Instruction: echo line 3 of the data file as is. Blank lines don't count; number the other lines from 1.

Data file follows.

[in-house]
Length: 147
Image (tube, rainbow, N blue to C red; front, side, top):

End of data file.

Image (tube, rainbow, N blue to C red; front, side, top):